Ever considered embarking on a new academic journey after you turned 50? Returning to university studies after the age of 50 is beneficial for your mental health in several ways.
Some of these benefits include:
💪 It keeps us mentally active.
💪 It gives a sense of accomplishment.
💪 It offers us social engagement.
💪 It opens new career opportunities.
💪 We benefit from personal growth.
And then there are some more unexpected benefits
Rest assured, there are plenty! There are some benefits you probably never thought of. Yet these benefits can enrich the second half of your life beyond expectations:
🎯 How about combating age-related stereotypes? By returning to university studies, you will challenge societal stereotypes about ageing. No nonsense about being redundant at 50. Show that it is possible to continue learning and growing at any age.
🎯 You’ll experience new challenges. University studies provide you with new challenges and opportunities to learn, the academic world will challenge your mind and leave no space for feelings of boredom and stagnation in life.
🎯 Keeping up with new technologies: Universities love to embed new technological developments, with the added benefit that you stay up-to-date with new technologies and trends. This ought to combat any feelings of being left behind. You are way ahead!
🎯 And then there’s intergenerational engagement: You will study alongside younger students and teachers. This helps combat age-related isolation and provides opportunities for role-modelling and mentoring. Ever thought of yourself as a future mentor?
Tips for Returning to University Studies in Mid-Life
Of course, it’s essential to be realistic about your capabilities and time available for university studies and to consider the potential stress on your mental health. Have a support system in place and prioritize self-care throughout the process.
Before you embark on this exciting new adventure, I have some solid tips for you:
- Don’t set your expectations too high, you’re not Wonder Woman (or Superman, for that matter), and you can’t do it all. Instead, be realistic about your capabilities and time available to invest in your studies. And if you’re struggling or feel overwhelmed, don’t be afraid to ask for help from your professors, academic advisors, or university support services.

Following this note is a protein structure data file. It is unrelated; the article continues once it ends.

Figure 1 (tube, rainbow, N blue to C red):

- Self-care is vital; make sure to prioritize it. University studies can be demanding, so make sure to take care of your mental and physical well-being. This may include exercise, adequate sleep, a healthy diet, and setting aside time for relaxation and hobbies.
- Build a support system, don’t go it alone. It can be challenging to return to university studies, so it’s essential to know your family and friends have your back. They might even offer to feed you during stressful exam periods!
- Be open-minded and flexible, don’t get stuck in the past. University studies can differ from what you remember, so be open-minded and adaptable to new teaching styles, technologies and ways of learning.
- Networking, it’s not just for the young’uns. Part of the fun of re-entering University is the opportunity to spar with other students and professors. It’s a great way to sharpen your academic skills.
- Embrace the opportunity, and enjoy your life as an academic. Take advantage of the opportunity to learn new things and gain new skills. This is a new chapter in your life where you can grow and develop.
Remember that university studies can be challenging, but they can also be incredibly rewarding. If you’re motivated and committed, you can successfully return to university studies after 50.